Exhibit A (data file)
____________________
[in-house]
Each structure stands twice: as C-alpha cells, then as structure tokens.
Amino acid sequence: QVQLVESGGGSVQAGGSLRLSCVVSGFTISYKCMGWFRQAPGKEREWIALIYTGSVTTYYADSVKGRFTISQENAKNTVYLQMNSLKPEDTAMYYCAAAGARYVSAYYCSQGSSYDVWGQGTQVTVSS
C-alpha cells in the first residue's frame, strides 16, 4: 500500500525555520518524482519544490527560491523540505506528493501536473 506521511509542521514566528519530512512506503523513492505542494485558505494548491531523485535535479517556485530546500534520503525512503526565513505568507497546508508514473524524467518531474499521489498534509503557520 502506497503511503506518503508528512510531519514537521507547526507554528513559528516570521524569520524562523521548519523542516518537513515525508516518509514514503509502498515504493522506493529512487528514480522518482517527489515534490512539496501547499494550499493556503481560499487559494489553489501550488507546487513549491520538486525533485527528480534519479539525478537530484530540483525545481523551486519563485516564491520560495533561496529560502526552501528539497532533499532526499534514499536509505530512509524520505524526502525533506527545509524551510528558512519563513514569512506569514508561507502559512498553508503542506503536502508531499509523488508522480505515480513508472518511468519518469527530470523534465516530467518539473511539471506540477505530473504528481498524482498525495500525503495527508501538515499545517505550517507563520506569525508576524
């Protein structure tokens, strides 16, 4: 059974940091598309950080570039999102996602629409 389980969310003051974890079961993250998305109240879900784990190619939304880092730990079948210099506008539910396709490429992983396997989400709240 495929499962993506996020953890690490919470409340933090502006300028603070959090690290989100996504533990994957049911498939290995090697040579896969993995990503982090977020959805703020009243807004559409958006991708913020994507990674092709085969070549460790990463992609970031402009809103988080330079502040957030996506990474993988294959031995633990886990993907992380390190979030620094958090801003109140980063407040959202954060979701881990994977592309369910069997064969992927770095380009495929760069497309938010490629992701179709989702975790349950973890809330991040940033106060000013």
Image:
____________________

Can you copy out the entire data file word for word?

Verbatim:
[in-house]
Each structure stands twice: as C-alpha cells, then as structure tokens.
Amino acid sequence: QVQLVESGGGSVQAGGSLRLSCVVSGFTISYKCMGWFRQAPGKEREWIALIYTGSVTTYYADSVKGRFTISQENAKNTVYLQMNSLKPEDTAMYYCAAAGARYVSAYYCSQGSSYDVWGQGTQVTVSS
C-alpha cells in the first residue's frame, strides 16, 4: 500500500525555520518524482519544490527560491523540505506528493501536473 506521511509542521514566528519530512512506503523513492505542494485558505494548491531523485535535479517556485530546500534520503525512503526565513505568507497546508508514473524524467518531474499521489498534509503557520 502506497503511503506518503508528512510531519514537521507547526507554528513559528516570521524569520524562523521548519523542516518537513515525508516518509514514503509502498515504493522506493529512487528514480522518482517527489515534490512539496501547499494550499493556503481560499487559494489553489501550488507546487513549491520538486525533485527528480534519479539525478537530484530540483525545481523551486519563485516564491520560495533561496529560502526552501528539497532533499532526499534514499536509505530512509524520505524526502525533506527545509524551510528558512519563513514569512506569514508561507502559512498553508503542506503536502508531499509523488508522480505515480513508472518511468519518469527530470523534465516530467518539473511539471506540477505530473504528481498524482498525495500525503495527508501538515499545517505550517507563520506569525508576524
């Protein structure tokens, strides 16, 4: 059974940091598309950080570039999102996602629409 389980969310003051974890079961993250998305109240879900784990190619939304880092730990079948210099506008539910396709490429992983396997989400709240 495929499962993506996020953890690490919470409340933090502006300028603070959090690290989100996504533990994957049911498939290995090697040579896969993995990503982090977020959805703020009243807004559409958006991708913020994507990674092709085969070549460790990463992609970031402009809103988080330079502040957030996506990474993988294959031995633990886990993907992380390190979030620094958090801003109140980063407040959202954060979701881990994977592309369910069997064969992927770095380009495929760069497309938010490629992701179709989702975790349950973890809330991040940033106060000013």
Image: